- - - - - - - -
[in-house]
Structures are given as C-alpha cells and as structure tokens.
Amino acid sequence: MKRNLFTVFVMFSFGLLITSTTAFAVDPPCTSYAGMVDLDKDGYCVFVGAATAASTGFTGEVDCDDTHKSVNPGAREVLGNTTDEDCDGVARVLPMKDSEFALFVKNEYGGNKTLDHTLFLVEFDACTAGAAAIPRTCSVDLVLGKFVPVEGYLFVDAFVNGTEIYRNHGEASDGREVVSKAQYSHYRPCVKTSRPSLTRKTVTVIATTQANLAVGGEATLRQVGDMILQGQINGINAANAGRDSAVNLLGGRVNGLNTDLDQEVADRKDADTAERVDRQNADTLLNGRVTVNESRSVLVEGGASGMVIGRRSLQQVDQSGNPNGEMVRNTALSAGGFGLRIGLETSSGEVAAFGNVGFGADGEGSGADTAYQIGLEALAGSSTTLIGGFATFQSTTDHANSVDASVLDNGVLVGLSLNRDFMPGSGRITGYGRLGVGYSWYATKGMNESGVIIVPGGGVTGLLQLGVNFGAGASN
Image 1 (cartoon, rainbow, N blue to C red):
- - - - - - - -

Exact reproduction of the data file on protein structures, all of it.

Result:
[in-house]
Structures are given as C-alpha cells and as structure tokens.
Amino acid sequence: MKRNLFTVFVMFSFGLLITSTTAFAVDPPCTSYAGMVDLDKDGYCVFVGAATAASTGFTGEVDCDDTHKSVNPGAREVLGNTTDEDCDGVARVLPMKDSEFALFVKNEYGGNKTLDHTLFLVEFDACTAGAAAIPRTCSVDLVLGKFVPVEGYLFVDAFVNGTEIYRNHGEASDGREVVSKAQYSHYRPCVKTSRPSLTRKTVTVIATTQANLAVGGEATLRQVGDMILQGQINGINAANAGRDSAVNLLGGRVNGLNTDLDQEVADRKDADTAERVDRQNADTLLNGRVTVNESRSVLVEGGASGMVIGRRSLQQVDQSGNPNGEMVRNTALSAGGFGLRIGLETSSGEVAAFGNVGFGADGEGSGADTAYQIGLEALAGSSTTLIGGFATFQSTTDHANSVDASVLDNGVLVGLSLNRDFMPGSGRITGYGRLGVGYSWYATKGMNESGVIIVPGGGVTGLLQLGVNFGAGASN
Image 1 (cartoon, rainbow, N blue to C red):